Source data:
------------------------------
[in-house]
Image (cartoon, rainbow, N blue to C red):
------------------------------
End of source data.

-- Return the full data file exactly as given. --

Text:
[in-house]
Image (cartoon, rainbow, N blue to C red):